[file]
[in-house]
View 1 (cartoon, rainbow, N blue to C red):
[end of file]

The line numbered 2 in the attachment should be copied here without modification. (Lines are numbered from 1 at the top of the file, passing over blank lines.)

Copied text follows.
View 1 (cartoon, rainbow, N blue to C red):